Merry Christmas is a five-piece wonder tank based in Tokyo. Ben George (guitar, vocals, viola, omnichord, saw), Matthew John Thoren (drums, percussion, vocals), Joe-Joe Moran-Douglas (bass, vocals), Yuki Nishimura (synth, vocals, percussion) and Yurie ‘Barihi’ Yamaguchi (trombone, glockenspiel, percussion, vocals) form the contagiously catchy band. Mixing folk, rock and pop together, they have just released their debut album The Night The Night Fell. We sat down with Ben George to talk about the album, their music and much more!
OSR: What inspired you to get into the music industry?
Ben: I’ve always loved the unpredictability of math rock, the warm emotional tones of fuzz folk and the catchy melodies of pop, I thought it would be interesting to try and combine all three into an angular, hook-filled, lo-fi sound. So I moved to the sprawling metropolis of Tokyo where I knew I could find co-conspirators easily.
OSR: How did the band get together?
Ben: On a humid night in Shinjuku, I met up with our drummer Matt and a Swedish guitarist, Alex, after posting an ad looking for wannabee fuzz folk musicians. From our first few practices it was obvious we were on exactly the same page musically and soon after Joe-Joe joined on the bass, or more accurately, the Bottom Master (the Japanese version of the Fender Bass VI). Unfortunately, Alex had to return to the beautiful canyons of Sweden so we were on the prowl for more musicians. I met Yuki at an art event where she had painted a fridge. She’d never been in a band before but was in full YOLO mode and jumped at the chance.
After a couple of months with the four of us meeting in sweaty little rooms and messing about with catchy folky half songs, we decided to get serious and booked ourselves in at Motion in Shinjuku for our first show. It was sloppy, raucous and wild, and Barihi, who was in the audience that night, rushed up to us after the show to offer her services as a trombonist and glockenspieler. Obviously, we snapped her up and that was how Merry Christmas came to be.
OSR: How do you go about writing song? Do you start with music or lyrics?
Ben: Almost always music first, but sometimes the melody and lyrics arrive stuck together. Some sentences already have a rhythm to them that can act as a hook. For example, the title of the track ‘You, Kingdom Boots’, from our first EP The Flying Trombone Sisters, came from a photo of me painting lyrics in a music video for the band Itch. The only lyrics I’d painted were the words You, Kingdom and Boots and immediately I got the beginning of the rhythm of the chorus of this song just from the sound of saying it. The rest of the melody came naturally from there and then I filled in the rest of the lyrics to have a broader meaning in the song.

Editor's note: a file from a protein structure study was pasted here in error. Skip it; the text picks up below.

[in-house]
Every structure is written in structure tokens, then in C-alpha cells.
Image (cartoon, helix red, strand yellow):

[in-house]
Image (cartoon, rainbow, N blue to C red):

OSR: What is an average day like for Merry Christmas?
Ben: Well with three-fifths of the band often waking up before the other two have gone to bed, our average day is a bit longer than most, perhaps infinite. Explanation, We’re split between the UK and Japan. At the moment, with the album launch, we’re spending a lot of our free time trying to spread the word about the album and get reviews sorted. The rest of the time Barihi is fishing for tuna, Joe-Joe is watching Taiwanese baseball, Matt is making spreadsheets to represent the timings of our songs, Yuki is hiking the Alps and I’m playing video games like Celeste and Rocket League.
OSR: Is there a backstory to The Night The Night Fell?
Ben: The narrative follows the adventures of a girl called Emily who is plunged into a coma and the strange world of her unconscious after a car crash. Travelling through her injured body as a tiny version of her real self, she sees the surgeon’s hands working above her ribs in ‘Forest of Bones’. Later she needs to destroy a polygonal castle known as Meredith in order to continue with her journey and she starts to wrestle with her own emotions. ‘For the Lulls’ picks up the plot with her piloting a flying machine called Flying Battle Lulls 500, and then having dealt with the hostile landscape before it, she reaches the Crowntain in the final track ‘Tivoli’. Have a listen and see if it turns out well or not.